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As schools prepare to reopen, the gap between 3 and 6 feet is feeling hard to bridge

Miguel Diaz washed the floors of a classroom with help from Michael McIntosh. Custodians are cleaning the Mildred Avenue K-8 School building in Mattapan and doing other preparations for the reopening of school.David L. Ryan/Globe Staff

When Governor Charlie Baker released guidelines for reopening schools, one measure seemed to come out of left field: In an effort to get as many students as possible back into their classrooms this fall, he would allow schools to practice only 3 feet of social distancing instead of the standard 6 feet, sparking a passionate debate across the state.

Teacher unions adamantly oppose the idea, calling it “a path of disaster.” Many parents are up in arms, and some districts, such as Boston and Lexington, have already rejected the lower standard.

“It’s really anxiety-provoking,” said Sharita Fauche, a co-director of the Collaborative Parent Leadership Action Network, whose children attend Brooke Charter School in Mattapan. “For parents who have really abided by the shelter-in-place advisory, you are now exposing your kids to other kids by sending them to school, and you don’t know what the safety practices of those other kids are in their homes.”

President Trump stepped into the fray last week, demanding school districts nationwide resume in-person classes for all students five days a week or lose federal funding, adding more pressure on Massachusetts districts to relax social distancing.


Meanwhile, a growing number of infectious disease experts and pediatricians support Massachusetts’ lower social-distancing standard because it is combined with other safety measures, such as requiring masks and having all desks face forward. They argue that the risk of children getting the coronavirus is low, while the academic, social, and emotional harm they would incur by staying out of school is far greater.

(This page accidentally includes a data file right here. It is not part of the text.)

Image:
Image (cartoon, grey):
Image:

The swirling debate over social distancing exemplifies how difficult it will be for local districts to reopen school buildings after the pandemic forced their closure in March, especially in convincing a nervous public that everyone will be safe. A Suffolk University poll recently found almost half of white parents and 60 percent of Black and Latino parents doubted schools would have adequate safety measures.


There’s good reason for the concern. Schools are notoriously germy. Many school buildings statewide were constructed decades ago and lack adequate ventilation. And budget cuts have winnowed custodians and left some schools, particularly in Boston, short on soap, paper towels, and hand sanitizers.

Although state officials prefer at least 6 feet of social distancing in schools, which the Centers for Disease Control and Prevention urges, they recognized many schools are tight on space. The 3-foot cutoff is based on recommendations from the World Health Organization and an analysis published by The Lancet that examined 44 studies on distancing measures. The analysis found that a little more than 3 feet of social distancing — plus masks and goggles — provided a good degree of protection from the coronavirus, although 6 feet was better.

Jeffrey Riley, state education commissioner, defended the lower standard, noting that the Massachusetts chapter of the American Academy of Pediatrics endorsed the guidelines.

“Given the data we have at this time in Massachusetts, and given the medical parameters we put in [the guidelines], we believe we have offered districts a path to get as many students as possible into school this fall,” he said.

But with infection rates rising in other states, many educators and parents worry that Massachusetts’ rate will spike again. Increasing their concern: The WHO, under pressure from more than 200 scientists worldwide, updated its guidance last week to acknowledge that coronavirus particles can linger in the air in poorly ventilated and crowded indoor spaces.


Joseph Allen, director of the Healthy Buildings Program at Harvard’s Chan School of Public Health, who signed the WHO letter, said the updated guidance shouldn’t be used broadly as a reason to keep school buildings closed. Loosening social-distancing standards in classrooms should be OK if other measures, such as masks and good air ventilation, are part of the strategy, said Allen, who supports the state guidelines.

Having schools open, he said, is critical because students could incur more academic and emotional harm if they remain at home, particularly in households where food insecurity and neglect are problems.

But he added that more attention must be paid to improving air quality in schools, Allen recently cowrote the book, “Healthy Buildings: How Indoor Spaces Drive Performance and Productivity,” which highlighted data that showed most schools don’t meet the minimum standards for air ventilation.